Man Cave Fishing

Originally Published in Issue 26 of 4Low Magazine

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What? There are no bananas?
That’s right, no bananas allowed. Imagine if you will a cool, gray day on the Gulf Shores of Florida, a day like many others in January, no sun, a little wind, and some chop. Life is not going to be grand on the water, but there might just be fish out there, so it’s worth a try.
We flew in from Phoenix, our friends joined us from Texas and the captain made a quick trip down from North Carolina. All converging on Panama City Beach, Florida. It’s one day of fishing and it’s going to be worth it.
Let’s talk about the captain. Master Sergeant in the Army, Rob Usnick, is the true All-American Badass. A man with many talents, he currently trains others in all kinds of survival and rescue skills. He’s the man that I’ve always said, if I’m walking down a dark alley, I want him along to protect me. I’m convinced there is nothing he can’t do. Today, he’s captaining our boat, a 46’ Post Sportfisher. Again, a little chop won’t scare me because Capt. Rob is aboard taking care of things.
We all meet up Friday night for some fresh seafood at the local watering hole. The meal and drinks are terrific, the conversation even better. Nic and Christy made the drive from Texas for the weekend, sleeping in their car on the way down. That’s still what you do when you’re young. We checked in to the Hampton Inn because we know the value of a good night’s sleep. Up before dawn to meet at the dock. Panama City Beach has seen better days, Hurricane Michael took his toll last October and the city is still feeling the pain. Not only was Panama City Beach hit, but Panama City was hit worse and it caused a shift in the population.
Many roofs are still covered in blue tarp, many businesses have still not re-opened, it’s a bit of a mess. Those that are there are making the most of it. Trying to get through the winter season in one piece so they can regain some momentum over spring break.
It’s 5:30 a.m. in January, even in Florida, it’s cold. I don’t think I planned right for this excursion. I’ve got my jacket on, I’m boarding the Y-knot with snacks in one hand and a dry bag in the other. Into the cabin it goes, the coffee is on, the TV has cable news on it. It feels luxurious, right up until the moment we leave the dock. Then the swells hit us, up and down, up and down. I stand on the stern until the diesel fumes rise, then make my break to the bridge. There are five of us on the bridge, trying to stay warm, trying to watch the horizon line. It isn’t easy, the salt spray is heavy, the waves are crushing. We continue out to sea.
After getting through the channel and past the last buoys, we throw some lines. There are nine out in all, we are all fishing under Rob’s captains’ license. It’s a beautiful dawn, but as they say, red sky in morning, sailors take warning. We have been warned, the day isn’t going to get any better.
The seas continue to rock, the fish continue to sleep. Not enough sunshine breaks through to wake them up. No one is hungry this morning, except me. I’m hungry. I grab a banana and a muffin and enjoy my breakfast. I’m one of the lucky ones, I rarely get seasick. Not all on our cruise can say the same thing. A little chumming goes on, the fish still aren’t interested. After five hours, we make the turn for home. Our score is nine lines, five fisherman, two seasick, one awesome day and zero bites on our line.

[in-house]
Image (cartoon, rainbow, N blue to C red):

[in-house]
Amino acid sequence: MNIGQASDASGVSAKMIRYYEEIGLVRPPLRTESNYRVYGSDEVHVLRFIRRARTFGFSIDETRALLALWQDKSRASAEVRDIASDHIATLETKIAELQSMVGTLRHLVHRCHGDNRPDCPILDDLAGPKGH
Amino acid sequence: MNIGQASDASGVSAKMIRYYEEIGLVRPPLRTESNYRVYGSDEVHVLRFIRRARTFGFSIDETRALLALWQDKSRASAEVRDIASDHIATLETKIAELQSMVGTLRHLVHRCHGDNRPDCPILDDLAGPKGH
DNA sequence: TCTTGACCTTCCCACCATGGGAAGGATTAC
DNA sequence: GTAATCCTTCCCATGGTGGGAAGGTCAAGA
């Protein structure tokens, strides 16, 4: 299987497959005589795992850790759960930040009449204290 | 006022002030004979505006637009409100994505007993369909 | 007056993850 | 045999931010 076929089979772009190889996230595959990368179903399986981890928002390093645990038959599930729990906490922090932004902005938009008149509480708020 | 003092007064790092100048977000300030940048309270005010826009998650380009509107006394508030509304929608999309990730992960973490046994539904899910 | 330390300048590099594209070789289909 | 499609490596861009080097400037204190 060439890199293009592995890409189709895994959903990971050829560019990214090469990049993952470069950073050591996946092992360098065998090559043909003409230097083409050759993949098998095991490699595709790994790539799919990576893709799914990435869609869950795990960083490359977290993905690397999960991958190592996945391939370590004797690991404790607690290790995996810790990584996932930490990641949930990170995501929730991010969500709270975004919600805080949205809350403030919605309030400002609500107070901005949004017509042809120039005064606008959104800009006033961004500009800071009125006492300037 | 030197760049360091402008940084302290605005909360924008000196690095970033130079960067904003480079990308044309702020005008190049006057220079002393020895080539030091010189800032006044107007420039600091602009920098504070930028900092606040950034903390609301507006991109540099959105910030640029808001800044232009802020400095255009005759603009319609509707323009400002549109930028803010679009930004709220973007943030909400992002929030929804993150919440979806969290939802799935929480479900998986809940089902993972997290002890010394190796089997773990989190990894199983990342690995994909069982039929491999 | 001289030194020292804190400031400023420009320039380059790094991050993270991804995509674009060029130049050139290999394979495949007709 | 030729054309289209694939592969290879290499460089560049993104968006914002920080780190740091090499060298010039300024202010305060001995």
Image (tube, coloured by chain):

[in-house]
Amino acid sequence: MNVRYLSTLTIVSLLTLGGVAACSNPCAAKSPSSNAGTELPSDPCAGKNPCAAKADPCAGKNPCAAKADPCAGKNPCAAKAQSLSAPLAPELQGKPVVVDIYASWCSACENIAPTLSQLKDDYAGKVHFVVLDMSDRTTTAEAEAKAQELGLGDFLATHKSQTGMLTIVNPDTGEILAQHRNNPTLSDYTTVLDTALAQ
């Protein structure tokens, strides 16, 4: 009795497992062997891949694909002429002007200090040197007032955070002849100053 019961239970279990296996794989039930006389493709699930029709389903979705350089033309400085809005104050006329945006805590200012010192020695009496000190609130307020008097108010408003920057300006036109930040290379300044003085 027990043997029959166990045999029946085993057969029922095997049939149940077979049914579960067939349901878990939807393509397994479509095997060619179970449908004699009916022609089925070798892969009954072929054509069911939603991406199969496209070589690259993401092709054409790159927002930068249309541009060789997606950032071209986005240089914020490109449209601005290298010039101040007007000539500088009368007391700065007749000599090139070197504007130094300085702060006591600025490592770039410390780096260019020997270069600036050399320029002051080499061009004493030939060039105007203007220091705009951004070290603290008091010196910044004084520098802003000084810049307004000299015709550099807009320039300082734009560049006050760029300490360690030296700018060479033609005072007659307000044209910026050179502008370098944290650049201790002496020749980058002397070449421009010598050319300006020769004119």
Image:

We get docked, we unload and the captain notices my banana peel. “Who brought the banana?” That would be me, why? Every one chimes in, “no bananas on a boat!” No wonder there were no fish biting today.

Fishing with Captain Rob
To book a charter with Captain Rob on his 33’ Hydra-Sports Center Console, bring five of your friends and plan a trip to Panama City Beach. Look for Jessica Shoals Fishing Charters on Facebook, or www.fish-PCB.com

Fishing superstitions:
Bananas are believed to be bad luck on a boat, the origin of the rumor isn’t pinned down, but there are several theories.
1. In the early days of shipping, speed was of the essence. If a ship was unable to travel fast and filled with bananas, they often rotted before they were unloaded. The gasses released by bananas as they ripen will speed the ripening of other fruits as well, so a well ripened banana causes the loss of other cargo as well.
2. When a ship goes down, only those items that float rise to the top, a little flotsam here, a little jetsam there, and bananas – the floating fruit. So if another ship came across a wreck, often the only telltale sign was the bananas left behind.
3. Spiders are fond of bananas, they go hand in hand with banana trees, so imagine their activity on a boat filled with bananas. Ewww.
If you bring a banana on board, there are few remedies. Eat it immediately or better yet, toss it overboard, and then, offer up this prayer:

Oh great Konpira
please, hear my plea
I am sorry for my mistake
A banana I brought to sea
It was an honest gesture
a noble means of nutrition
I had no ill intent
I brought fruit of my own volition
Please forgive my idiocy
I meant my friends no harm
We just want to go fishing
and go home with a sore arm
We beg of you to release the curse
upon which I have brought
In your honor I consume these bananas
a sacrifice all for nought

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